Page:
hh93,

You could do it as Germany does it and have a first past the post for local representation but then scale up the size of the parliament to actually represent the amount of relative votes per party.

Tbf right now that makes our parliament the 2nd biggest in the word which is fucking expensive but at least you have representation and actually having your vote matter in region that’s deeply one-sided against for party

Chocrates,

Doing some back of the napkin math.

US House of Representatives are paid $174,000 US Dollars Annually (crsreports.congress.gov/product/pdf/RL/RL30064)
If we assume that that number represents half of their total compensation (to include stuff like healthcare and any other benefit they get) that brings us to $348000 US Dollars.

The German Bundestag has 736 members currently and Germany has a population of 84,482,267 people (both pulled from Wikipedia) That means you have 84,482,267/736 = 114785.688859 people per representative. Lets round up to 114800.

The US has a population of 333,287,557 people (per Wikipedia) so we would need 333,287,557/114800 = 2903.20171603 representatives, call it 3000 to be easy.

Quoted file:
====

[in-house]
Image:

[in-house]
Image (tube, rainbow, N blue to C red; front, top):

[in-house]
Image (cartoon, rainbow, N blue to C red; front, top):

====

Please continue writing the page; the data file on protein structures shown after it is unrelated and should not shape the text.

So if we followed Germany’s representation we would cost the US taxpayers 3000 * 348000 = $1044000000 so just over a Billion dollars a year to fund just their salaries and healthcare and stuff. That is an eye-watering number and larger than I expected when I started this stupid journey.

For context though, in FY 2021 The United States allocated $740.5 Billion dollars to the Department of Defense (defense.gov/…/dod-releases-fiscal-year-2021-budge…)

So that is roughly 1/740 = 0.00135135135% of the Defense Budget. Seems more reasonable that way. I’d much rather fund more and diverse members of congress to actually do things that fund military contractors building bombs to blow up Palestinian children.